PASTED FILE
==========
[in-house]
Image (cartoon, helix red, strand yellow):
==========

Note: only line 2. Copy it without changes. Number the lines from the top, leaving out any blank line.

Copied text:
Image (cartoon, helix red, strand yellow):